Women Behind The Wheel In Kabul
The Desk has been known to fly off the handle about the way women are treated in Afghanistan, so when I saw this story in The LA Times today I thought I should highlight this glacially paced advance for women here.
The piece is about how more women in Kabul are driving, with or without a license.
In the first six months of the fiscal year that began April 1, the number of driving permits issued to women in the Kabul area was up fourfold. That sounds great until you consider that officials issued just 180 licenses to women in the last 18 months, compared with 27,985 for men.
Men own the roads of Afghanistan, and many of them want it to stay that way. They say it is un-Islamic and culturally offensive for women to get behind the wheel.
[Afghan lady-driver Karimi] Yousafzai, who teaches the Koran for a living, disagrees. The holy book makes no mention of internal combustion engines, automatic transmissions or driving restrictions on women, she says.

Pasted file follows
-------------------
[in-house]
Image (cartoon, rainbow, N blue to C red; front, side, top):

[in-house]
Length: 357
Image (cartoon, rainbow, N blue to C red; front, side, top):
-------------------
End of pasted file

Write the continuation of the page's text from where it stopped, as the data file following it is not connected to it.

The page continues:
“When men say women aren’t capable of driving, my response is, ‘I’ll challenge you any time,’ ” says Yousafzai, wearing a head scarf and dark glasses.
I’ve seen exactly one woman driving a car here in Kabul, so we shouldn’t get all giddy or anything, but just the fact that there is a school in Kabul that teaches women the rules of the road (so they can ignore them, just like all the male drivers) and how an engine works, is a cool thing.
But the most telling quote from the piece, that really says how far Afghanistan has yet to go in terms of female equality is this statement, by Yousafzai:
“Women here are defined by men. We don’t even know who we are sometimes because they make all the decisions for us.”
Until this changes, a few driver licenses don’t mean a damn.